On March 29, Minister of Children and Youth Services, Tracey MacCharles, announced the Wynne Government’s new Ontario Autism Program, which proposed to reduce wait times for intensive therapy by drastically cutting eligibility for these vital interventions. Under the new regime, Intensive Behavioural Intervention (IBI) will be limited to children between the ages of 2 and 4, despite the fact that, on average, children living with autism spectrum disorder (ASD) are diagnosed at four years of age. The impact of the new program on the 30,000 working families with children who have an ASD diagnosis will be devastating.
The OFL has joined the Alliance Against the Ontario Autism Program in calling on the Government of Ontario to immediately reverse the changes to autism support.
May 3, 2016
The Honourable Kathleen Wynne
Legislative Building, Room 281
Toronto, Ontario M7A 1A1
The Honourable Tracy MacCharles
Minister of Children and Youth Services/Responsible for Women’s Issues
56 Wellesley Street West
Toronto, ON M5S 2S3
SUBJECT: RECONSIDER NEW ONTARIO AUTISM PLAN
Dear Premier Wynne and Minister MacCharles:
I am writing to you on behalf of the one million working people who are members of the Ontario Federation of Labour to call on your government to immediately reverse the changes to the Ontario Autism Program and redesign a plan to ensure that all children with Autism Spectrum Disorders (ASD), for whom Intensive Behavioural Intervention (IBI) has been prescribed by a qualified clinician, are able to obtain these services in a timely manner regardless of their age.
We add our voices to the chorus of concerned parents and professionals who are outraged by recent changes brought in by your government that would expel some 3,000 children with autism from the current IBI program based on age, including some 1,300 currently undergoing therapy, without reference to their clinical performance. This issue has been raised at the OFL by educator and educational worker unions across Ontario.
This decision will have a dramatic and negative impact on thousands of children who are in need of this valuable – and costly, intervention – and it will saddle the families of children with autism with incredible financial hardship at a time when their attention should be directed at providing the best support for their children.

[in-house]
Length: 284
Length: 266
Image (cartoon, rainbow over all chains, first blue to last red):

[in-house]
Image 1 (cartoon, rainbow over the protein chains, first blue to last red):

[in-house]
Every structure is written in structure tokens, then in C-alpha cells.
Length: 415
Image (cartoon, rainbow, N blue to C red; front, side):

The stories from affected families are gripping. They recount the struggles of children with autism who have spent years on waiting lists only to learn that they will now be deemed ineligible for the intervention that they desperately need to close the developmental gap. According to a recent National Post column by Tasha Kheiriddin, “IBI involves upwards of 20 hours a week of individualized therapy to reinforce positive behaviours and enable children, many of whom cannot speak, to perform the most basic of tasks — like responding to their name, or putting on a shirt. It can be the difference between a life of dependence and a chance at independence.”
While the age two to four may in fact be the “optimum learning window” and the ideal time to receive IBI, it simply makes no sense for the government to make the unilateral decision to cancel this vital treatment for children who are five and older. For many of these children, IBI is still the best – and sometimes only – chance.
Autism does not end at five years old.
We are calling on the Ontario government to reconsider its new Ontario Autism Plan and instead propose a plan that leverages the lower cost, flexibility and transparency of a direct funding model so that all children with ASD, for whom Applied Behaviour Analysis and Intensive Behavioural Intervention has been prescribed by a qualified clinician, are able to get intervention in a timely manner regardless of their age.
Ontario Federation of Labour
The Ontario Federation of Labour (OFL) is Canada’s largest provincial labour federation, representing 54 labour unions and over one million workers. For information, visit www.OFL.ca and follow @OFLabour on Facebook and Twitter.
Alliance Against the Ontario Autism Program
All 54 Unions Affiliated to the OFL